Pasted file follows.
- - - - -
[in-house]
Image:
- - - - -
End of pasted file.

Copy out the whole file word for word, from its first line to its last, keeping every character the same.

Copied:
[in-house]
Image: